“I can bear much,” was the reply, accompanied by a forced smile, that was contradicted by the quivering of the compressed lip; “and if I could not, I find I must begin to learn. Yet what can you have to tell me, my dear Mr. Elmsley, more than I already divine—my poor father—” and the tears started from her eyes.
“Ha! there at least, I have comfort for you—although there has been sad work at the farm—the fishing-party have come in with the bodies of poor Le Noir and the boy Wilton, but they all say that Mr. Heywood was carried off a prisoner by the Indians.”
“Carried off a prisoner,” repeated Miss Heywood, a sudden glow animating her pale features—“oh! Elmsley, thank you for that. There is still a hope then?”
“There is indeed a hope; but, dearest Miss Heywood, why must I heal with one hand and wound with the other. If I give comparative good news of your father, there is another who ought to be here, and whose absence at this moment is to me at once a pain and a mystery.”
“You mean Harry Ronayne?” she said, hesitatingly, but without manifesting surprise.
“Where the foolish fellow has gone,” he continued, “I do not know, but he has disappeared from the Fort, nor has he left the slightest clue by which he may be traced.”
“Does Captain Headley know this?” she inquired, recollecting, that part of the conversation that had passed between them the preceding day, in reference to the succor that might have been afforded at the farm.
“He does. I made the report of Ronayne’s absence to him personally, and the doctor was summoned to state if he had seen any thing of him. He, however, was as ignorant as a man, who had been drunk during the night, and was not yet quite sober in the morning, could well be. The captain was as much surprised as displeased, but further inquiry was delayed on the sergeant of the guard coming up and announcing the near approach of the boat containing the fishing-party.”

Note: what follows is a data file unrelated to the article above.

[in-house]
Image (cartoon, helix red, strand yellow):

“Tell me, dear Mr. Elmsley,” said Miss Heywood, after a few moments of seeming reflection; “what is your own opinion of the matter? How do you account—or have you at all endeavored to account for Ronayne’s absence?”
“I can easily understand the cause,” he replied, “but confound me if I can attempt to divine the means he took to accomplish his object.”
He then proceeded to relate the circumstances of his proposal to Captain Headley—the abrupt refusal he had met with—his subsequent application to himself to pass him out of the gate, and the final abandonment of his request when he found that his acquiescence would seriously compromise him, as officer of the guard.
“Noble Harry!” thought Miss Heywood—“your confusion, your vexation of yesterday, arose from not being able to follow your own generous impulses: but now I fully understand the resolve you secretly made—and all for my sake. Do not think me very romantic,” she said aloud to Mr. Elmsley, “but really, Margaret, I cannot despair that all will yet, and speedily, be well. The only fear I entertain is that the strict Captain Headley may rebuke him in terms that will call up all the fire of his nature, and induce a retort that may prove a source of serious misunderstanding—unless, indeed, the greatness of the service rendered, plead his justification.”